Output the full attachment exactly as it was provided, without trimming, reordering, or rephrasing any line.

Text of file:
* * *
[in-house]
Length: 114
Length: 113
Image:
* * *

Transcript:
[in-house]
Length: 114
Length: 113
Image: